27 November 2009

The Genealogical Proof Standard, part 1

In a group of genealogist, how many can list all of the steps of the Genealogical Proof Standard (GPS)?
  • A reasonably exhaustive search;
  • complete and accurate source citations;
  • analysis and correlation of the collected information;
  • resolution of any conflicting evidence; and
  • a soundly reasoned, coherently written conclusion.
The GPS is not just for professional genealogist. Everyone should be following these steps. But the problem arises when people don’t know how to. This past Sunday I presented a lecture at the RootsMagic user group at the Southern California Genealogical Society on sources and citations. I covered steps 2 and 3 on the GPS. The biggest hurdle I had to overcome was getting everyone to understand the difference between a source and a citation. I was dumbfounded that researchers don’t understand this basic difference. From my lecture:
  • Source - the information; e.g. death certificate, Bible, homestead file, census, book, necklace, website, interview, etc.
  • Citation - the record of the source; what and where
Are these definitions confusing? Why aren't beginners being taught basic definitions? If someone does not understand what a citation is, then they cannot write one. I have not taken a beginners class in a while, but perhaps the GPS should be covered and stress?

What about those who are not beginners; are you following the GPS? Do you follow some of them? Are certain ones more important than others?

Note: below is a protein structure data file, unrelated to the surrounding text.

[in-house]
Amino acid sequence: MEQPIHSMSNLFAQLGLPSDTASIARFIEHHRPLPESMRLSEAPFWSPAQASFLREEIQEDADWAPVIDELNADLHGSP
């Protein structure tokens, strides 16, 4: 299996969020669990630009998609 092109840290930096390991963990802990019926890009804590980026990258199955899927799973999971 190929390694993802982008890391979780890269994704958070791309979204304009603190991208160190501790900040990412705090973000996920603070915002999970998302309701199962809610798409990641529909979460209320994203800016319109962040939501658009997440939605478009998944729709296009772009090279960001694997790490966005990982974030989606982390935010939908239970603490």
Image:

I'm issuing another challenge. The next time you spend any time doing research, keep track of exactly what you are doing. How many steps of the GPS do you usually follow?

As a beginner I had never heard of the Genealogical Proof Standard. As I am going back through all of my research (see this post) I am finding that I have a lot of information that I didn't know I had. For example: I was messaging a cousin of a cousin on Ancestry.com. She listed the information she had for William Eugene Rutter (a sibling of my gr-gr-grandmother, Dora Rutter-McCall). On the 1910 census his occupation is "farmer, homestead." I've transcribed this census multiple times, but it never clicked until she had written it out. The BLM database has a William E. Rutter listed in the same county as the census. If I had followed all of the steps of the GPS I would have discovered this information years ago when I first found the census.

So the Genealogical Proof Standard is for everyone all the time. Get the word out: use it!


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